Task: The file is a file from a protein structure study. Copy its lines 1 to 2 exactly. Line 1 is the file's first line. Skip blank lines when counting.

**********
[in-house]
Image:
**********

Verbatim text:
[in-house]
Image: